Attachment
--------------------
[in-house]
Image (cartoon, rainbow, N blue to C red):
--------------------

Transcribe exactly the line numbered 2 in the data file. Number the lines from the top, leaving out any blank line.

Image (cartoon, rainbow, N blue to C red):